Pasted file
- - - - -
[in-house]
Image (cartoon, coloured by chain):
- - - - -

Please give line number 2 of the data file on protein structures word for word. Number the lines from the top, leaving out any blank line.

Image (cartoon, coloured by chain):